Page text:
Two weeks ago I had the pleasure of travelling with a group of our corporate innovation customers on one of our Communitech global innovation tours. The tours – which have included destinations such as London, Seattle, Silicon Valley, Sweden and others – are learning expeditions to help our customers understand tech ecosystems expand their thinking and leverage the best innovation strategies and tactics from around the world.
This tour was a return visit to Israel, some four years after the last one. We came home with many insights, but I’d like to share my biggest takeaway: how corporates can leverage international scouting and partnerships to differentiate themselves and build strategic advantage.
Connecting to the topic of my last post, if you haven’t already refined your scouting approach, you shouldn’t be looking for ‘startups’ any more. Startup tourism is dead. You should be identifying a comprehensive set of key strategic opportunities and challenges that are imperative to the success of your organization – and areas where you see advantages to a buy or partner (vs. build) approach.
From that point you have a baseline to organize your scouting. Here are my key takeaways on what you should do next:
First, you should leverage opportunities to promote your key priorities and use your market power as a force of gravity to shape ecosystems around you. This means using venues like reverse pitches (you pitch to startups vs. them pitching to you) and challenges to demonstrate the opportunity of addressing your needs. NB: If you are a smaller entity you might be able to find partners to increase your gravity and leverage the same effect.
Second – and this is my central point on international scouting – is that you need to take the widest possible perspective to see and evaluate potential startup partners. My own experience as a corporate innovator or disruptor has taught me the same thing: that seeing startups in two, three or more geographic markets helps you find the best fit with your own tech stack, value or business model proposition.
Since we’re talking about Israel, here’s a relevant example, as they are world leaders in cyber security. During our visit we met several Israeli startups that had North American competitors, but as competitors they took a different approach to their tech and solutions. What does that mean in cyber security? Well, if everyone is using the same defences in a cyber arms race, it might mean that one day you will all have a common vulnerability – and several companies with the same potential vulnerability makes for a very attractive target. Maybe using an alternate or added layer of protection would provide you with a unique defence. That could be a very compelling value to your customers, and an advantage for your organization.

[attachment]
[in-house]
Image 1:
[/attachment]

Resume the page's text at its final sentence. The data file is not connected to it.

We saw a similar dynamic within and across different industry solutions. Because startups are taking a range of approaches on market position (between disruption and enablement), market timing (near-term and long-term plays), and other dimensions, a wider scanning capability could deliver unique perspectives on how your market may evolve over time, and inform the competitive position that you want to take.
Third, after you’ve prioritized your tech scouting, and hopefully found valuable partner prospects, you need to build an end-to-end process to create repeatable partnership outcomes that predictably create value for your organization. I already teased this topic in my last post, so I promise to cover this next time.
The Disruptor explores the best practices and pitfalls of large corporations as they pursue an agenda of innovation and change at scale in the digital era. Ian McDonald is Communitech’s Chief Customer Officer. He can be reached at email@example.com